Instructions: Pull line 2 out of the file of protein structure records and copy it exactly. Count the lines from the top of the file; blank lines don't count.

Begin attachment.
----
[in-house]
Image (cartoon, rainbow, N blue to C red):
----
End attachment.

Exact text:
Image (cartoon, rainbow, N blue to C red):